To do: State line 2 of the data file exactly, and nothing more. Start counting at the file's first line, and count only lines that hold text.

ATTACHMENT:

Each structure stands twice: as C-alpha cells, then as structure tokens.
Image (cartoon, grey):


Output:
Image (cartoon, grey):